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Venice ,Lagoon Spared ‘Heritage Sites in Danger’ Listing by UNESCO once more

Venice on Thursday again escaped the tarnish of UNESCO’s list of world heritage sites in danger, drawing a victory cheer from the mayor but scorn from environmentalists and scientists alarmed by the impact of mass tourism and climate change on the storied lagoon city. At a meeting in Saudi Arabia, member states disregarded expert findings […]

Venice on Thursday again escaped the tarnish of UNESCO’s list of world heritage sites in danger, drawing a victory cheer from the mayor but scorn from environmentalists and scientists alarmed by the impact of mass tourism and climate change on the storied lagoon city.
At a meeting in Saudi Arabia, member states disregarded expert findings that Venice’s “outstanding universal value” was under “a growing and increasingly urgent threat”.
Instead, they praised the city’s conservation efforts, in particular a last-minute pilot project approved two days ago that will make Venice the first city to charge entry. Venice similarly avoided joining the list of sites in danger two years ago after the Rome government announced a ban on big cruise ships past St. Mark’s Square and through the Giudecca canal.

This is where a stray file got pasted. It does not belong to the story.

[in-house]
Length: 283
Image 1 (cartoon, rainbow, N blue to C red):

Mayor Luigi Brugnaro welcomed the decision as proof that “Venice is not at risk”, calling the experts’ recommendations ”misleading”. Civic groups, however, continue to emphasize the threat to Venice from mass tourism, which they say is transforming the city into a mere destination, depriving it of lifeblood as a thriving centre that would attract both residents and new businesses.
The much-ballyhooed pilot project, charging 5 euros (USD 5.30) to day-trippers on 30 high-traffic days next year, only reinforces a low-brow image of Venice, they said.

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